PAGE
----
We are delighted to have been appointed by Forestry England to develop a Heritage Options Appraisal for Bouldnor Battery on the Isle of Wight. The appraisal is supported by a grant from Historic England and will allow us to look at the potential for conversion of this important 20th Century Scheduled Ancient Monument.


The use of fixed artillery to protect the coast from hostile ships is one of the oldest practices in the history of England's defences. From the 15th century until the second half of the 20th century, coastal artillery provided home security as well as protecting communications and trade networks across Britain's empire.

Four classes of 20th century coastal batteries can be identified: anti-motor torpedo boat batteries; defended ports, within which were counter-bombardment, close defence and quick-firing batteries; emergency batteries of World War II; and temporary and mobile artillery. Unlike other classes of World War II monuments, these coastal batteries display considerable variation according to and the use of earlier fortifications; the types of gun housed on these sites; and their precise function.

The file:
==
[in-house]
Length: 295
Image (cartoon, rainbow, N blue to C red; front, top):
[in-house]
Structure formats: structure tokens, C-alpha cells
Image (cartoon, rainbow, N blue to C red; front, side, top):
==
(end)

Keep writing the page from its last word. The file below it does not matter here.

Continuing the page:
The Solent, with its proximity to Europe, its natural berthing facilities and the naval base at Portsmouth, has had an important military strategic role since at least the 16th century, with the result that a large and diverse group of features has developed specifically for the purpose of coastal defence. Bouldnor Battery forms an integral part of this group and is one of eleven contemporary fortifications associated with the defence of the Needles Passage. The construction of this battery with only two emplacements represents an unusual arrangement.

Sharon Pritchard